According to the golf pro at the local muni I like to play at, this is a very popular ball. I didn’t feel like I made any gains with my distance, but the ball felt decently soft around the greens.

I know he was telling me the truth concerning its popularity, out of the different balls that they sold in the pro shop, I could see that more players bought these than the others. And, I could see in the “used ball” bin that there were quite a few of them in there.

Key takeaway: At a price point of $24.99, this ball is ideal for high handicap golfers who prefer price and distance over short-game spin.

Which Bridgestone Golf Ball is For You?

Bridgestone makes it really easy to find your balls, pun intended. On the Bridgestone website, you can use their “Fitting” app to find the ball that suits your game. Click here to go to the app.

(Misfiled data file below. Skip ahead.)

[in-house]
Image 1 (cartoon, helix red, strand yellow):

On the other hand, if you want to know what worked the best for us, we have some recommendations for you. The ball you should play will really depend on your skill level and what you’re looking for. Let’s jump into it.

Our Testing Process: We test products for several weeks or months before writing our reviews so we can help you find the right product. Learn more here.

Best Bridgestone Ball For Low Handicappers

The best Bridgestone ball for most low handicappers is the Tour B RXS. This ball is designed for swing speeds under 105 MPH and more greenside spin, which would suit the majority of golfers.

From what I’ve seen, most people don’t swing the driver over 105 MPH. That’s pretty much going to rule out the Tour B X and Tour B XS. What’s left is the Tour B RX and Tour B RXS.